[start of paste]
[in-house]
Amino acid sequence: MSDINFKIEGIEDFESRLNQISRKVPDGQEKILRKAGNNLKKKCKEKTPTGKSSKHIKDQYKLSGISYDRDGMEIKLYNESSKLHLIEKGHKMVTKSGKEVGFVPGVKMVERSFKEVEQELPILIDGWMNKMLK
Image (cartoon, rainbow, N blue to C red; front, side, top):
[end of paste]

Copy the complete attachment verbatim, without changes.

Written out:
[in-house]
Amino acid sequence: MSDINFKIEGIEDFESRLNQISRKVPDGQEKILRKAGNNLKKKCKEKTPTGKSSKHIKDQYKLSGISYDRDGMEIKLYNESSKLHLIEKGHKMVTKSGKEVGFVPGVKMVERSFKEVEQELPILIDGWMNKMLK
Image (cartoon, rainbow, N blue to C red; front, side, top):